Living with incontinence can present many physical challenges – needing to get to a restroom quickly, changing clothes or bedding after an accident, cleaning yourself up after a leak. But the emotional effects may be the most damaging.
Those who don’t live with this condition may not realize the impact that it has on it’s victims: fear of social events or gatherings, constantly seeking out bathrooms in the event of an emergency, concerns about unpleasant odors, and the incessant fear of having an accident in public, or that people will learn your secret. These are real side effects that can’t be ignored, and can create great social anxiety for people living with incontinence. For many people, it’s enough that they avoid social functions at all cost, causing their relationships with friends and family to wane.
If you live with social anxiety because of incontinence, there are some things you can do to overcome it. See our list below for our 4 best tips.
Prevention is always the best medicine. Make sure you’re prepared for a social situation by arming yourself with the right products and information. If you’ve got plans to attend a social event, make sure you’re prepared in the case of an accident. Know where the bathrooms are and have a spare set of clothes in case you need to change quickly. Choose your clothing wisely – black is often a forgiving color in the event of leaks.
Keeping a regular fitness routine can do wonders for both your incontinence and your anxiety. Maintaining an optimal weight can help minimize bladder leaks. And, regular movement can be an effective way to control cases of mild anxiety. You don’t need any fancy equipment or gym membership to make this happen either. Just getting outside for a 30 minute walk most days of the week will do wonders. (Read our tips on how to start a walking group!)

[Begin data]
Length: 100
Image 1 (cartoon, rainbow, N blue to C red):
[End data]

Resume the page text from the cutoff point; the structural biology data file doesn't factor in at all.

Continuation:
Talk About It.
Sometimes you just need to get your frustrations out. If your incontinence is affecting your mood, find a close friend or family member you trust to talk about it. Often just telling someone our troubles can take a load off and us feel not quite so alone. Don’t feel like you have anyone to talk to? Sign up for the NAFC message boards and connect with thousands of people who understand what you’re going through and are ready to listen. If all else fails, write your situation and feelings down on paper. Journaling can be a great way to explore how you’re feeling and make sense of your emotions.
We’ve saved the best tip for last. Treatment, for both incontinence and social anxiety, is readily available. There are many things you can do to manage incontinence, from behavioral changes, to medications, or even surgery. And anxiety can be treated in a plethora of ways as well – cognitive (talk) therapy, meditation, and medications can go a long way in helping you deal with the problem. There’s no need to suffer in silence. Talk to your doctor about what you’re facing. They will be able to put you on a treatment plan to help you deal with these difficult conditions so that you can get back to living your best life.
Need help finding a specialist to treat your condition? Visit our Specialist Locator Tool to find one in your area.